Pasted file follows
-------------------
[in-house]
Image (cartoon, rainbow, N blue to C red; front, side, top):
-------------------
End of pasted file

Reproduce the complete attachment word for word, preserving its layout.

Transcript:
[in-house]
Image (cartoon, rainbow, N blue to C red; front, side, top):